Cell Signal Booster Shot
One of the challenges with living in a rural area is spotty cellular service. Wilson Electronics offers a potential plug-and-play solution with its new Sleek 4G cellular signal boosters.
"It’s great that we can offer a device that works with multiple carriers’ 4G networks, as well as legacy networks, that is small and affordable," says Laine Matthews, director of business development for Wilson Electronics.
The booster is 2.5"x4.5"x2.5" and weighs 3 oz. Farmers can mount the device’s antenna to the roof of their truck or tractor. The antenna receives weak cell tower signals and sends them to the booster via a thin coax cable. A built-in amplifier boosts the signal when the cell phone is placed in the device’s cradle.
The process also works in reverse—the device can send a boosted signal from a cell phone back to the cell tower.
The benefits of the signal booster include fewer dropped calls and no-service "dead zones," faster transfer rates and improved cell phone battery life. Matthews says the Sleek 4G can boost a signal as much as 20 times more than the signal that might be present when using a cell phone by itself.
Visit www.wilsonelectronics.com for more information about the Sleek 4G cell signal boosters.
Your Trash, My Electricity
For decades, Russ Lester watched in frustration as truckload after truckload of walnut shells from his California farm (Dixon Ridge Farms) were shipped several hundred miles north to a facility that burned them, converted the resulting energy into electricity and buried the toxic ash in a landfill. He was equally frustrated at the slowness of the industry to move toward energy independence.
Russ Lester hopes smaller-scale bioenergy solutions will help power more individual processing facilities or even small communities.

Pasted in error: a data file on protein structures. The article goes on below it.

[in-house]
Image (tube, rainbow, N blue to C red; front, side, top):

"I decided it was all ridiculous," he says. "We set a goal in 2007 to become 100% energy independent in five years."
Lester contacted the Community Power Corporation to discuss the potential of gasifying his shells to produce on-site electricity and thermal energy. Through a cost-shared California Energy Commission grant, they installed an initial 50 kW BioMax system that has been in operation since January 2008; they added a second 100 kW unit in 2012.
Lester says the system burns 10% to 15% of the farm’s walnut shells to achieve 2,000ºF. The remainder of the shells are baked in this intense heat, causing chemical bonds to break down into combustible gases—including carbon monoxide, hydrogen and methane. These gases are collected and run through a combustion engine.
The ash resulting from the biogasification process is not toxic—in fact, it can be mixed back into the soil. Lester says the carbon-laden ash has also effectively sequestered that carbon for the next thousand years. "This is actually a net carbon negative."
This technology can use a broad range of agricultural byproducts in the conversion process—everything from wood chips, spoiled produce, food scraps and even cardboard and paper waste. Currently, the company is looking into the conversion efficiency of cornstalks and other row-crop residue.
Lester says some of the hurdles of energy independence are more about perception than reality.
"Everyone says it’s more expensive, but it’s not," he says. "Everyone says we don’t have the tools, but we do!"